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Instructor Note 7:
Learning Objective 2: Recognize various nonverbal cues and
their effect on customers.
Learning Objective Note: PPTs 5-6 should be used with Learning Objective 2,
pages 89-99.
Students should understand the concept behind this objective, since various
nonverbal cues will impact how customers and others view them.
Using PPT 5, mention that there are basically six categories of nonverbal
Body language
Vocal cues
Spatial cues (proxemics)
Environmental cues
Miscellaneous cues
Review the components of Body Language (eye contact, posture, facial
expressions, nodding of the head, and gestures) as you show PPT: 6 Body
Stress that while reading the nonverbal body cues given by others can be useful in
determining total message meaning, students must also be cautious about what
they think they see. This is because each person interprets cues somewhat
differently based on background, culture, physical condition, communication
ability and other factors. Nonverbal cues should be viewed as a partial rather than
definitive answer when determining someone’s true message. Take some time to
go through each of the types of cues and talk about how they impact message
interpretation. Stress that culture, gender and many other diversity-related factors
come into play when interpreting cues.
Instructor Note 8:
Activity: Ask students: When someone does not make eye contact with you
when you are speaking, what thoughts go through your head? Lead a discussion
on the importance of eye contact (see text pages 89-90) in communicating with
others. Solicit examples from students of situations in which they were involved
that had negative outcomes because of the way eye contact was used or misused.
Remind students that cultural differences related to eye contact need to be
considered as part of any analysis of a customer service situation.
Activity: Ask: The Customer Service Success Tip on page 89 should be the
next attention-getter for students. Ask students to review these items, thinking
about themselves and those with whom they communicate. Then assign an
activity in which students keep a record of these attributes as they notice them in
individuals with whom they deal regularly for five days. Have them keep a list of
these attributes to share with the class during the next meeting.
Instructor Note 9:
Point out the photo on page 90. Ask students what they think is going on in this
photo. Have students provide answers to the question: What cues do you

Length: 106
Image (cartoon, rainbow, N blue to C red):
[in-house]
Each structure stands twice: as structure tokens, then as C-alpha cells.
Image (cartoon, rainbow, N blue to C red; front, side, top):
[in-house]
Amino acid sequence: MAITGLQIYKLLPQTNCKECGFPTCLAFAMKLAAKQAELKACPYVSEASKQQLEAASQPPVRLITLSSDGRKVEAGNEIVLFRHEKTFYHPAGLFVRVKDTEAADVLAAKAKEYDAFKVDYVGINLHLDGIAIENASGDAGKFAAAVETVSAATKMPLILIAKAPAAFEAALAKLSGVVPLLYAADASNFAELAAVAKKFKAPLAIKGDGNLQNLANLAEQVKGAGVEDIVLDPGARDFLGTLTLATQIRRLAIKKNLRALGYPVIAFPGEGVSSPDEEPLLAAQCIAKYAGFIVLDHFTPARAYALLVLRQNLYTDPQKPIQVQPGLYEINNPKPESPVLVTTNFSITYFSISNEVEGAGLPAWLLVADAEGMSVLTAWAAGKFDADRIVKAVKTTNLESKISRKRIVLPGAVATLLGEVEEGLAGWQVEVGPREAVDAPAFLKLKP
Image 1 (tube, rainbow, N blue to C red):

regularly send that impact the way customers perceive you and your organization?
This photo will tie in nicely with the Customer Service Success Tip activity
Refer to the section on Posture, page 90 in the text.
Instructor Note 10:
Activity: Ask the class if their parents or another adult told them as a child to
“Stand/Sit up straight.” What message were they trying to convey that can help
you as a service provider? Solicit answers from the class and have a volunteer list
them on the flipchart.
Instructor Note 11:
Refer to Facial Expressions in the section on page 90. Students will find a
discussion about the emotions expressed through the face interesting. Smiling is
one of the few nonverbal cues that has a universal meaning but can still lead to
problems. Refer the class to the scenario regarding a person of the Middle East in
the section on page 90. Ask students if they realized that even a smile can be a
problem in some cultures.
Activity: Use the chart of facial expressions in the Work It Out 4.1 on page 91.
Have students write the letters ‘A’ to ‘T’ in a straight line on a sheet of paper.
Then, ask them to provide the emotion they think is being shown in each face.
After about 5-10 minutes, solicit answers; compare them with those the author
suggests below:
A. Aggressive B. Happy C. Indifferent D. Innocent E. Perplexed F. Sad
G. Smug H. Surprised I. Blissful J. Ecstatic K. Disgusted L. Puzzled
M. Lovestruck N. Regretful O. Bored
P. Bashful Q. Determined
R. Exhausted S. Frightened T. Hysterical
Ask students how they did in reading the faces.
Instructor Note 12:
Refer to the section Nodding of the Head on page 91. Ask students to think of a
time when nodding of the head was misinterpreted, perhaps when buying an
article. Mention that paralanguage (a vocal effect such as “uh huh,” “I see,”
“hmmm”) may help avoid misinterpretation of the nods. Along with the head
nodding, gestures are also used to add color, excitement and enthusiasm to
communication. The key is to make gestures seem natural.
Activity: Lead a discussion using Figure 4.2 on page 92. Have students offer
additional positive and negative gestures and other behaviors as you write their
responses on a flipchart.
Instructor Note 13:
Activity: Have students come to the front of the class, one at a time, and without
others hearing, privately assign each an emotion from Work It Out 4.1, page 91.
Have him/her demonstrate that emotion nonverbally, while other students attempt
to guess the emotion being displayed. After each demonstration, have students
give constructive feedback.
Voice qualities (pitch, volume, rate, quality and articulation) and other attributes
of verbal communication can send nonverbal messages as well.
Discuss each voice quality noted: pitch, p. 92; volume, rate of speech, voice
quality, articulation, p. 93. Ask students to demonstrate some of these qualities,